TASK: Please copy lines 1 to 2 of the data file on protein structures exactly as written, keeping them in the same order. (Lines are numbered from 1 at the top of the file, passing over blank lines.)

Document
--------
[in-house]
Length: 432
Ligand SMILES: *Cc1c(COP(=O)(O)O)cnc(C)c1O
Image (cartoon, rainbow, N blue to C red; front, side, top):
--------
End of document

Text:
[in-house]
Length: 432